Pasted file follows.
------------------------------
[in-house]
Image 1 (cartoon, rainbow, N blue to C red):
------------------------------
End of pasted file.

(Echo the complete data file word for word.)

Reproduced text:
[in-house]
Image 1 (cartoon, rainbow, N blue to C red):